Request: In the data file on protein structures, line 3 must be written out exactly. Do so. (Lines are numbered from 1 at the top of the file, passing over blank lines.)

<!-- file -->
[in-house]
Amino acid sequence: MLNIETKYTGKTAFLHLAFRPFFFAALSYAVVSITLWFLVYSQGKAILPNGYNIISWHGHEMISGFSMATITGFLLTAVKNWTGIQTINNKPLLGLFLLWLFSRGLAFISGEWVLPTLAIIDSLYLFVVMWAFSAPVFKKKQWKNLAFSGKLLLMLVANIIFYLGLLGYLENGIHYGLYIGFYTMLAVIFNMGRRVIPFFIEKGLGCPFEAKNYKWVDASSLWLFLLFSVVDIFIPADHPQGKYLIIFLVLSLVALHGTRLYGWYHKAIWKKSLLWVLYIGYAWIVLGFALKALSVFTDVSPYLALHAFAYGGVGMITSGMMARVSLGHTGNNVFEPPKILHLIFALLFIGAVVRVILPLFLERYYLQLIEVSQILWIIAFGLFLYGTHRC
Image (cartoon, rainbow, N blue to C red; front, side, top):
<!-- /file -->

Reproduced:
Image (cartoon, rainbow, N blue to C red; front, side, top):